Bus Roof Surfing in Nepal

We made it to Nepal! We crossed the border on Sunday (Valentines Day) and were glad to escape the mentalness of India for the relative clam of Nepal 🙂

We first visited Lumbini which is one hour from the India/Nepal border, and is the exact birthplace of Buddha, which was an awesome thing to see. The garden around it is covered in Buddhist prayer flags and many pilgrims.

We then left here for a small undiscovered town of Tansen, where we only met two other white people in 2 days! This town was a really nice introduction to the Nepalese people and culture, without the usual tourist trappings.

We left here for Pokhara on a local bus at 5am in the morning, and today have just sat outside in our accommodation garden relaxing, due to possible exhaustion. Maybe the stresses and the constant travel and changes have exhausted me, because today I’ve hardly been able to muster enough energy to get up. This does not bode to well as we wanted to start a 10-14 day trek into the mountains in a few days! Maybe one day in one place doing absolutely nothing will be enough?!

New experiences in Nepal are varied and many, just within the first day i did four new things i’ve never done in my life before:-

1. Visited the birth place of Buddha

2. Rode on the roof of a packed local bus (more on this…)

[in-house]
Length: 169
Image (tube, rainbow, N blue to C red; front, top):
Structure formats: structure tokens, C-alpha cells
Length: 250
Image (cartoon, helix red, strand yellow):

3. Had water-buffalo for tea

4. Crossed the Nepal/India border

This was all on Valentines day and i don’t think i’ll ever have such a varied one again.

Riding on the roofs of buses in Nepal is awesome, the Advantages include:-

1. The best air conditioning

2. The most leg room (inside the bus is always packed well beyond capacity!)

3. Stunning scenery

4. You get to keep an eye on all your luggage (theft is a real problem on the Nepali buses, Chrissy already foiled two attempts of theft, while she was trying to pay for tickets!)

5. You get to meet interesting characters (like the smiley Tibetan who was doing a circuit of the four major Buddhist pilgrimage sites)

The dangers however are… everything! Bus crashes are common in Nepal, and most roads travel along mountain passes, and of course you’re not strapped in, hold on tight! Also the practice seems quasi-illegal, traffic police don’t like it at all, and motion for you to get down, until the conductor intervenes and sorts it out!

As soon as i have energy again we’ll be departing for the Himalayas trekking along the Anaapurna base camp trek, so this will probably be the last post until Kathmandu in about 14-18 days time.

So for now we just need to focus on getting a warm sleeping bag, trekking shoes, warm clothes, let our embassies know and organize a trekking permit!

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